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Note from Ms.Yummy~licious:
Plant this at home, it's very easy to take care.
Can be planted in pot.
If you don't have, your neighbour will surely have it, take a few from them for cooking. :)

Note from Wiki:
Pandanus amaryllifolius is a tropical plant in the screwpine genus which is known commonly as pandan and used widely in Southeast Asian cooking. It is an erect green plant with fan-shaped sprays of long, narrow, bladelike leaves and woody aerial roots. The plant is sterile, flowers only very rarely, and is propagated by cuttings.
The plant is rare in the wild but cultivated widely for use as a flavoring in cooking. The leaves are used fresh or wilted, and are commercially available in frozen form in Asian grocery stores in nations where the plant does not grow. They have a nutty, botanical fragrance which enhances the flavor of Thai, Vietnamese, Malaysian, and Indonesian foods, especially rice dishes and cakes. The leaves are sometimes steeped in coconut milk, which is then added to the dish. They may be tied in a bunch and cooked with the food. They also may be woven into a basket which is used as a pot for cooking rice. Pandan chicken, or gai ob bai toey, is a Thai dish with chicken wrapped in pandan leaves and fried. The leaves are also used as a flavoring for desserts such as pandan cake and sweet beverages.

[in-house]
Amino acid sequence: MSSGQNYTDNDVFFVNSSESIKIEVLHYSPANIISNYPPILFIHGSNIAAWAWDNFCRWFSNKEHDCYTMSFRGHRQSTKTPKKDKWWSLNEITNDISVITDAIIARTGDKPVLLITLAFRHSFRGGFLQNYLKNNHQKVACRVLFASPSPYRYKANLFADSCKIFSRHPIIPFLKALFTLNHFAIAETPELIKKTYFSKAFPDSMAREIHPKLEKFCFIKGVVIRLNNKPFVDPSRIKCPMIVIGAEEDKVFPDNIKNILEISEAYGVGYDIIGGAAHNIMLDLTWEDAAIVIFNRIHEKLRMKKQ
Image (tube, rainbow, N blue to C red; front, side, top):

In Indonesian it is called pandan wangi and in Vietnamese it is called lá dứa. The leaves of the plant have a repellent effect on cockroaches.[1]
The characteristic aroma of pandan is caused by the aroma compound 2-acetyl-1-pyrroline which also gives white bread, jasmine rice and basmati rice, and bread flowers (Vallais glabra) their typical smell [2].


Recipe/s that use/s this item:
Onde Onde
Thab Thim Krob
Lemon Leong Fun Sui/ Lemon Grass Jelly Water
Soya Bean Jelly Longan


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